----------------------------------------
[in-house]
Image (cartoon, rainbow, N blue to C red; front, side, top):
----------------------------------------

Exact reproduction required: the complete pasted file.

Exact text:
[in-house]
Image (cartoon, rainbow, N blue to C red; front, side, top):